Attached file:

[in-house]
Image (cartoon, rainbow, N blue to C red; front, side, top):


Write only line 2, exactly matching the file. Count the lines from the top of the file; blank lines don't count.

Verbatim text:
Image (cartoon, rainbow, N blue to C red; front, side, top):